Thor’s role can be seen as connected to the second and third ‘functions’ or ‘tiers’ of society, which come from common groupings amongst the hierarchies of society. He is most associated with the second function, the warriors, but he became a great deity for the third as well, the farmers and artisans. 

This stands in contrast to a deity like Odin, who was worshipped primarily by rulers and outcasts for his more outlandish qualities: wisdom, magical power, and creativity. Thor spoke to the house and heart, protecting regular society.


Thor is the son of Odin and Jord, a giantess named after the earth. His wife is Sif, golden-haired and mother to his son Modi and daughter Thrud. He had another son with the giantess Jarnsaxa named Magni. 

He is described as fierce-eyed and as having red hair and a beard. He is also stepfather to the god Ullr.

He has quite a few brothers, most notably the god Baldr and not Loki. 

This makes his lineage three-quarters giant, as his father Odin is half-giant and Jord was a giantess. This is somewhat ironic given that one of his primary roles is slaying the giants and keeping them at bay from Asgard and Midgard.

Mythology (in the sagas) 

In one tale of Thor, he enters the giant Utgarda-Loki, and three tricks are played on him. First, he often traveled with his human servant Thjalfi and, surprisingly often with Loki as well.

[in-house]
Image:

Second, in this tale, they encounter a giant named Skrýmir who tightly ties their food bag so that even Thor cannot open it. Furthermore, when Thor tries to kill the giant in his sleep with his hammer, each time the giant is unaffected and simply asks if an acorn has hit his head.

Although Thor was victorious in most of his stories, it could be fun if once in a while he loses for a Norse audience, to show that even the mighty Thor isn’t perfect.

After this encounter, the three of them arrive at the stronghold of Utgarda-Loki, who laughs at how small they all are. To stay, they must win three contests to show their worth. 

Loki does the fastest eating contest but loses as his opponent Logi eats the bones and bowl of his meal. Thjalfi tries to run the quickest but loses to Hugi.

Finally, Thor enters a drinking contest and drinks from a huge horn three times but cannot finish it. 

Thor then fails to pick up a large cat and even loses in a wrestling match against an older woman. After making a thorough mockery of Thor, Utgarda-Loki lets the three spend the night.

In the morning, they find out it was Skrýmir all along, deceiving them in each of the contests. Thor had leveled mountains with each hammer blow while he pretended to sleep. 

The eating contest was against wildfire, and the running contest was against thought, which travels faster than feet. 

Finally, the drinking horn Thor drank from had a sea at the bottom. The grey cat was the Midgard Serpent, and the older woman was old age itself, which no one can best.